It’s been a great year for smartphones, but you might have missed it if you only pay attention to the two biggest names. Sure, the iPhone 15 Pro is Apple’s most powerful iPhone ever, and the new titanium frame is very snazzy. And that Galaxy S23 Ultra is the best phone you can buy overall, with amazing cameras and more features than I’d ever need. Still, those phones were predictable upgrades. The real excitement came from Motorola and OnePlus.
I got to try all of the coolest phones this year, and the ones that blew me away were the Motorola Razr Plus and the OnePlus Open. Yes, foldable phones. I’m just as surprised as anybody. I’d been planning this story but still questioning my own judgement, until I saw my friend and colleague Michael Fisher (aka Captain 2 Phones, aka Mr. Mobile), who posted this on Threads:
Yup, Captain2Phones is carrying two folding phones; the two that impressed me the most this year. Why were these two so impressive, especially compared to staid flagship entries from Samsung and Apple? To start, one thing these phones have in common is great pricing.
The OnePlus Open costs $1,699 / £1,599, but in the US there is a trade in offer that gives you at least $200, no matter what phone you trade, so it’s effectively a $1,499 phone. In the UK, there’s no trade in deal, but OnePlus bundles fancy Pro earbuds and a nice charger, plus other offers. Samsung’s comparable Galaxy Z Fold 5 is $1,799.99 / £1,749 / AU$2,599, and the Google Pixel Fold is $1,799 / £1,749.
Here’s the thing: I wouldn’t recommend the Z Fold 5 or the Pixel Fold, not after using the OnePlus Open. The Samsung and Google Folds feel like a compromise. The proportions are wrong on both of them. They’re just weird, and considering these are the most expensive phones you can buy, they shouldn’t be weird. They should be amazing. The OnePlus Open is amazing.
The Motorola Razr Plus is $999.99 / £1,049.99 / AU$1,499, but it’s been on sale for as low as $699, and in fact it has spent more time on sale than it has at full price since it was launched earlier this year. Compare that to Samsung’s Galaxy Z Flip 5, which sells for $999.99 / £1,049 / AU$1,649. It’s dropped to $799 on sale, but it’s always more expensive than the Motorola Razr Plus.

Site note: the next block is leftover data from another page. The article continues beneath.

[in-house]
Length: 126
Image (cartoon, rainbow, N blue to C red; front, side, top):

The Galaxy Z Flip 5 is actually a nice phone, but it can’t top the Moto Razr Plus. The Flip 5 is a cool foldable phone with good software and some nice features on the cover display. The Razr Plus, on the other hand, is so good that it creates a whole new category of device, with its incredibly versatile (and larger) cover screen that lets you run any app you dare. The design is much cooler, too, especially if you get the vegan leather magenta.
Setting new standards for foldable phones
The Samsung Galaxy Z Fold 5 and Galaxy Z Flip 5 are improvements over last year’s models, while the OnePlus Open and Motorola Razr Plus redefine my expectations for a foldable phone. I will no longer recommend a foldable phone if it doesn’t give me the same shape and feel as the OnePlus Open. I wouldn’t recommend a clamshell foldable that isn’t as versatile and cool as the Razr Plus.
These phones aren’t just the best in their class, they are genuinely cooler and more interesting than phones like the Galaxy S23 Ultra or the Apple iPhone 15 Pro Max. I found myself holding onto both of these phones long after my review period ended, even though I own all of the above.
So, why don’t these phones make the top of the best phones list if they’re so great? The problem is durability. Neither of these phones is water resistant enough. The Razr has a ‘splash-resistant’ coating. The OnePlus Open is IPX4 rated, which means it will survive a heavy rain, but not a drop in the bathtub.
The best Samsung phones are IPX8 rated, which means that they can literally go for a swim. You can use a Galaxy Z Flip 5 underwater in a pool. Even if you don’t care to swim with your phone, you’ll appreciate that durability if the phone takes an accidental dunk.
The OnePlus Open and the Motorola Razr Plus were the most exciting phones I saw this year, and I hope these phones, and the companies behind them, keep improving and offering new and exciting devices. Durability needs to be a key priority moving forward, because that exciting phone gets dull quickly if it stops working.
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Phil Berne is a preeminent voice in consumer electronics reviews, having reviewed his first device (the Sony D-EJ01 Discman) more than 20 years ago for eTown.com. He has been writing about phones and mobile technology, since before the iPhone, for a variety of sites including PCMag, infoSync, PhoneScoop, and Slashgear. He holds an M.A. in Cultural Theory from Carnegie Mellon University.
Phil was the internal reviewer for Samsung Mobile, writing opinions and review predictions about top secret new devices months before launch. He left in 2017. He worked at an Apple Store near Boston, MA, at the height of iPod popularity. He has been a High School English teacher at Title I schools, and is a certified Lifeguard. His passion is smartphones and wearables, and he is sure that the next big thing will be phones we wear on our faces.